Blogging: Good or EVIL?!

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This afternoon in Hamilton, two writer-professors met to debate whether blogging was “good or bad for literary culture.” Taking the “good” side was Columbia’s own Jenny Davidson, an English professor with a popular literary blog (watch out—it’s a wonderful but deadly place for bookish procrastinators).  On the “bad” side was Sven Birkerts, author of The Gutenberg Elegies, Director of the Bennington College Writing Seminars, and non-blogger.  Andrew Delbanco, Director of Columbia’s American Studies program, provided light moderation.

Like most events, the discussion was not nearly as black and white, or as contentious, as the title made it out to be—the two contenders were mostly talking on different wavelengths. Professor Davidson provided specific examples of the blogs she enjoys and the services they perform, and a personal perspective into how blogging, and internet technology in general, improves her literary life.  An avid reader of crime fiction, she can go online, mine a fellow enthusiast’s blog for information on obscure, small-press, high quality detective stories, and then order those books free of charge from BorrowDirect.

Professor Birkerts seemed to agree with his debate-mate’s points, but his own point was not so much about what blogs can do as what they can’t. For him, the central issue was “centrality,” and like the Empedoklean God, the blogosphere “is a circle of which the center is everywhere and the circumference is nowhere.” “There’s no place to stand from which to assess it,” Birkerts said. What we lack in the world of blogs, he argued, is a council of gatekeepers who will impose hierarchies and coherent voices upon the chaos.

This sort of literary gatekeeping is exactly what happens at entities like the New York and London Reviews of Books and the New York Times Book Review, and Birkerts lamented their hypothetical destruction in the wake of plummeting print advertising revenues and emoticon-using, short-attention-spanned youngsters.  

But I wonder: if the NYRB died tomorrow, what would really be lost? An authoritative literary arbiter, a weighty judge of the best and worst books of the day? Surely another arbiter could be constructed online by the people who contribute so much of the content to these rarefied publications: folks with PhDs and the writers they deem worthy (who are often one and the same). Why can’t this group of professors and successful writers, presumably earning a living wage at their day jobs, band together and submit their thoughts about the important literary issues of the day? They may even find enough success that the revenue from their website would cover whatever income they miss from their print writing gigs, and allow them to contract young, aspiring book critics to boot—maybe they can even get the academy to subsidize their project.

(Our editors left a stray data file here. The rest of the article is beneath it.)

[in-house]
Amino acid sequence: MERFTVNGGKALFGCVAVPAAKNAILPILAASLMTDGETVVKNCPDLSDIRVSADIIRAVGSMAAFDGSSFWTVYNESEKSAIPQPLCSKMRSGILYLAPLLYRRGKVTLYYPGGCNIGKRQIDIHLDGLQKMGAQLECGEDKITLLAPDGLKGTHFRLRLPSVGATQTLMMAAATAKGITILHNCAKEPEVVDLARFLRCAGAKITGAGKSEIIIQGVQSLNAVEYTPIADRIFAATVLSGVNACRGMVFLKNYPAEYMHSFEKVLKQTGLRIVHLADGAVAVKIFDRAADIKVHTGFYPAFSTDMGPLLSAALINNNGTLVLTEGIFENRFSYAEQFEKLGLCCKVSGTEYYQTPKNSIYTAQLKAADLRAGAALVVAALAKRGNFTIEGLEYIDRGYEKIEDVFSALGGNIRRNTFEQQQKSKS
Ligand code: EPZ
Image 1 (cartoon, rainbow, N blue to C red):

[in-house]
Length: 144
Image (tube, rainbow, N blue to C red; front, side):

What’s missing in my picture is the editors, and so the heart of the blogosphere matter, and the place where the two debaters had genuinely differing opinions, is editing. Birkerts, a widely published critic, is in favor of educated people putting other educated people’s massive review-essays through the intellectual wringer, through the first draft and the second draft and the first galleys and the second galleys. Professor Davidson, while a fan of the long-form book review, and a woman who has written some herself, had this to say: “I realize this puts me in the culture of instant gratification, but blogging is the enjoyable part. It lets you talk about one book without sinking all the resources that could be spent reading another book.” Spoken like a blogger, and a lover of literature.




  1. wonderful  

    well written

  2. derrida  

    the center is not the center.

    that's deep.

  3. who  

    organized this? Roosevelet Institution?

  4. come on  

    philolexian already debated "resolved: blogging is a bigger threat to our society than AIDS"

  5. hardcore

    this was a thoughtful, informative piece. Kudos, PBB, Kudos.

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